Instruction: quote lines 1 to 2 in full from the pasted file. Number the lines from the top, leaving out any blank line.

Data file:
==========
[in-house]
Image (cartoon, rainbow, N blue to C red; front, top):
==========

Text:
[in-house]
Image (cartoon, rainbow, N blue to C red; front, top):